It is important to make the distinction between being distrustful of politics and being distrustful of government programs. All of us are angry at the former, sometimes for different reasons. But it is the Republicans who decided that their best play against a Democratic president was to completely abandon their responsibility to govern. I would simply remind you that when touting the idea of a "permanent Republican majority" back in 2003, Grover Norquist was asked what that meant for when a Democrat won the White House. His response was, "We will make it so that a Democrat cannot govern as a Democrat.” We've seen that plan in action now for 7 years. And yes, it is infuriating.
But the distrust and anger Americans feel about government programs is a bit more difficult to understand. The roots of it are complex. That is why, when reviewing Stanley Greenberg's book for the print edition of the Washington Monthly, I noted that " it would be important to know whether white working-class voters think that no government programs work, or whether their concerns are limited to certain areas."
A report just published by the Pew Research Center titled, Beyond Distrust: How Americans View Their Government, helps us unpack a lot of that. Here is the headline graphic:
Notice that in all areas except space exploration, a majority of the American public supports the government playing a major role. And when asked about whether or not the government is doing a good job in each of those areas (rather than the more general question about overall trust in government), the ratings are relatively high. Of course there are some differences on how Democrats and Republicans rate government performance in these areas. Here's what Pew found.
The optimist in me wants to make sure that we all notice how similarly Democrats and Republicans view the government's performance in areas like responding to natural disasters (an amazing finding that demonstrates how far the Obama administration has come since Bush's handling of Katrina), setting workplace standards, ensuring safe food and medicine, protecting the environment, maintaining infrastructure and ensuring access to quality education. The partisan divide starts to show up around keeping the country safe from terrorism, ensuring access to health care, strengthening the economy and managing the immigration system. It should surprise none of us that those four issues are the ones that are front and center in our electoral processes right now.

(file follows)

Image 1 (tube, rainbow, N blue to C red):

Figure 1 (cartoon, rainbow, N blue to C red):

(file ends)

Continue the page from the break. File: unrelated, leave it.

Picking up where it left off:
But given that the Democrats are the party committed to good government, perhaps it would be a good strategy for candidates to remind voters that they generally approve of the job the government is doing on things like responding to natural disasters, setting workplace standards and ensuring safe food and medicine. When Republicans talk about cutting budgets and getting rid of regulations, those are exactly the kinds of government functions that would be damaged.
One of my great frustrations with liberals is that they tend to not be very good at touting their successes. I am reminded of what Marilynne Robinson said recently during her conversation with President Obama.
Most of the things we do have no defenders because people tend to feel the worst thing you can say is the truest thing you can say.Changing that doesn't mean ignoring the challenges we face. It just means that every now and then it might be a good idea to remind voters of what's working.
I am reminded of the tendency for voters to rank Congress as really low but have much better feelings about their own representatives.ReplyDelete
Humans just seem genetically wired to not be very good at judging the value of something in the aggregate.
I love your analysis of this, Nancy. As always, thanks for sharing your smart insights.ReplyDelete
About this part of your analysis:
"The partisan divide starts to show up around keeping the country safe from terrorism, ensuring access to health care, strengthening the economy and managing the immigration system."
I can't help but note how Republican voters' opinions about those things seem to be greatly animated by racial fears and resentments. In other words, if the racial component were not present to affect their assessments of those policy areas, I wonder -- would there be much of a partisan "divide" remaining?